You talk about making it as a writer by yourself, you have to be able then to turn off all the antennae with which you live, because once you turn your back on this society you may die. You may die. And it’s very hard to sit at a typewriter and concentrate on that if you are afraid of the world around you. The years I lived in Paris did one thing for me: they released me from that particular social terror, which was not the paranoia of my own mind, but a real social danger in the face of every cop, every boss, everybody. (88)

But Baldwin returned to America. As Baldwin says,

But I had missed my brothers and sisters
and my mother.
They made a difference.
I wanted to be able to see them,
and to see their children.
I hoped that they wouldn’t forget me.

I missed Harlem Sunday mornings
and fried chicken and biscuits,
I missed the music,
I missed the style—
that style possessed by no other people in the world.
I missed the way the dark face closes,
the way dark eyes watch,
and the way, when a dark face opens, a light seems to go everywhere.
I missed, in short, my connections,
missed the life which had produced me
and nourished me and paid for me.
Now, though I was a stranger,
I was home. (13-14)

Of course, he returned to France and lived there until his death. Baldwin was clearly frustrated by America’s inability to change. I wonder what he would make out of America today. I guess I don’t need to wonder. I know. What he said to Dick Cavett in 1968 still holds true:

I can’t say it’s a Christian nation, that your brothers will never do that [kill you] to you, because the record is too long and too bloody. That’s all we have done. All your buried corpses now begin to speak… [W]hen… any white man in the world says, “give me liberty, or give me death,” the entire white world applauds. When a black man says exactly the same thing, word for word, he is judged a criminal and treated like one and everything possible is done to make an example of this bad nigger, so there won’t be any more like him. (81-82)

That was 50 years ago.

As Baldwin so aptly and succinctly concludes, “The story of the Negro in America / is the story of America. / It is not a pretty story” (95). So what do we do? Even Baldwin is not without hope. As he says near the end of the book, “Not everything that is faced can be changed; / but nothing can be changed until it is faced” (103). We do need to face who we are and who we have been. Baldwin makes this request:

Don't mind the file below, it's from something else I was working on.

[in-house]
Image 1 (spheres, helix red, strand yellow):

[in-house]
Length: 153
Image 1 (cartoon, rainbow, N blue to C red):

What white people have to do is try and find out in their own hearts why it was necessary to have a “nigger” in the first place, because I’m not a nigger, I’m a man. But if you think I’m a nigger, it means you need him… If I’m not the nigger here and you invented him, you the white people invented him, then you’ve got to find out why. And the future of the country depends on that, whether or not it is able to ask that question. (109)

This book should definitely be paired with Raoul Peck’s film. The book is a loose collection of notes and snippets of transcriptions. What it offers that the film doesn’t is a chance to slow down and savor Baldwin’s language. He was truly a gifted writer and thinker. However, it is when the word is paired with image and film (as well as music) that Baldwin’s words truly come alive. Samuel L. Jackson narrates Baldwin beautifully (I admit I wasn’t sure about how that was going to be until I listened). I viewed the film through my Amazon Prime subscription as it is unavailable on Netflix, but here is a trailer:

For the Author Love Challenge, I am reading the work of James Baldwin.
This month’s motif is Book to Screen.

five-stars

Review: How It Went Down, Kekla Magoon

Review: How It Went Down, Kekla MagoonHow It Went Down by Kekla Magoon
Published by Square Fish ISBN: 1250068231
on December 15, 2015
Genres: Young Adult
Pages: 336
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three-stars

The known facts surrounding the shooting death of sixteen-year-old Tariq Johnson are few. On the evening of June 17, between 5:22 and 5:35 p.m., Johnson sustained two nine millimeter gunshot wounds to the torso. Police officers arrived on the scene at 5:39 p.m. Johnson was pronounced dead at 6:22 p.m. by EMTs at the scene. Police pursued and apprehended a suspect, Jack Franklin, who allegedly shot Johnson before leaving the scene in a borrowed vehicle. Franklin was pulled over nearly four miles away from the site of the shooting, at 5:56 p.m. A nine millimeter handgun, recently fired, was found in the backseat. Additional unsubstantiated allegations relating to the case are many. Police took statements from seven eyewitnesses at the scene. The result was seven different versions of what happened. No two individual accounts of the June 17 events line up. The hard evidence itself is not clear cut. By the day, it seems, new twists and turns emerge that add further shadows to obscure the truth.This is the story of how it went down.